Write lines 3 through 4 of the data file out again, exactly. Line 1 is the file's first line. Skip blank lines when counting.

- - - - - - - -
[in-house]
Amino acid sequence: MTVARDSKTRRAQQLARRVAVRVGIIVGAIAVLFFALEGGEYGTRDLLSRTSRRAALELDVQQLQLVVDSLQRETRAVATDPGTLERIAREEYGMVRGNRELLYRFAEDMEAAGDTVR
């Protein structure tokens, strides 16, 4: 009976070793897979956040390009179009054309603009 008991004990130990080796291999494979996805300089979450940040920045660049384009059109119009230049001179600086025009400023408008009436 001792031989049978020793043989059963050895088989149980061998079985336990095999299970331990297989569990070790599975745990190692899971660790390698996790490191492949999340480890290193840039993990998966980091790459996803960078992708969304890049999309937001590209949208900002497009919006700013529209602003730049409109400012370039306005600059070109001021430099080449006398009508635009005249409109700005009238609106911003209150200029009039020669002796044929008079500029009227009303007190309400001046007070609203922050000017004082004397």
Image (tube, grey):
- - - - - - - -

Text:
């Protein structure tokens, strides 16, 4: 009976070793897979956040390009179009054309603009 008991004990130990080796291999494979996805300089979450940040920045660049384009059109119009230049001179600086025009400023408008009436 001792031989049978020793043989059963050895088989149980061998079985336990095999299970331990297989569990070790599975745990190692899971660790390698996790490191492949999340480890290193840039993990998966980091790459996803960078992708969304890049999309937001590209949208900002497009919006700013529209602003730049409109400012370039306005600059070109001021430099080449006398009508635009005249409109700005009238609106911003209150200029009039020669002796044929008079500029009227009303007190309400001046007070609203922050000017004082004397």
Image (tube, grey):